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Was America Founded upon Judeo-Christian Principles?


Yes, although it would be more accurate to say that America was founded by those who believed in Judeo-Christian principals.
All, or nearly all, of those who signed the Declaration of Independence were Christians, and all were very familiar with the Bible.

There were quite a few ministers among the Signers. George Washington and John Adams, the first two presidents, were devote Christians.

The main writer of the Declaration of Independence was Thomas Jefferson. He admired Christ very much, but did not believe in any of the miracles. But the most well-known part of the Declaration of Independence states:


“We hold these truths to be self-evident, that all men are created equal, that they are endowed by their Creator with certain unalienable Rights, that among these are Life, Liberty and the pursuit of Happiness.”


This has been called one of the best-known sentences in the English language, containing the most potent and consequential words in American history.

So our country was founded on this belief that our liberty was endowed to us by God, and therefore there could be no laws infringing upon our liberties. This is explicitly stated in the First Amendment of the Constitution.

Benjamin Franklin believed in a Judeo-Christian God. He didn’t seem to belong to a particular religion, and he donated money to various churches, and at least one Jewish group. He asked that a prayer be said before the Continental Congress met to discuss declaring independence from England. Franklin wrote a letter to the President of Yale University a few weeks before his death:


"I believe in one God, Creator of the Universe. That He governs it by His Providence. That He ought to be worshiped. That the most acceptable Service we render to him, is doing Good to his other Children. That the Soul of Man is immortal, and will be treated with Justice in another Life respecting its Conduct in this one.”


Abraham Lincoln, our most beloved president, considered the Declaration to be the foundation of his political philosophy, and argued that the Declaration is a statement of principles through which the United States Constitution should be interpreted. He also instituted Thanksgiving as a national holiday.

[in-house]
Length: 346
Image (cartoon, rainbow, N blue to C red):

The Ten Commandments were known by all, and was assumed to be the basis of morality. It is etched in many government buildings, including a number of places in the building that houses the Supreme Court.

The Founders did not want laws requiring particular religious beliefs. Nor did they want laws abridging religious liberty or any other liberty. Therefore, our Constitution prevents Congress from passing laws that infringe upon our liberties.

But the Founding Fathers also believed that America could not be a great country unless it was a moral country.

John Adams said, 


“Our Constitution was made only for a moral and religious people. It is wholly inadequate to the government of any other.”


Thus, the Constitution, which defines the powers of government, does not deal with morality or religion, because these do not come under the purview of government. This, I believe, is what causes some people to mistakenly believe that our country was not founded upon Judeo-Christian principals.

But reading the Declaration of Independence and the Constitution, which contains the Bill of Rights, along with all the other writings of our Founding Fathers, show that the creation of our country was guided by Judeo-Christian principles.



Tim Farage is a Senior Lecturer in the Computer Science Department at The University of Texas at Dallas. The views expressed herein are those of the author. One of his main interests is the reconciliation between science and spirituality. You are welcome to comment upon this blog entry and/or to contact him at tfarage@hotmail.com. Twitter account: Tim Farage (@TimFarage) | Twitter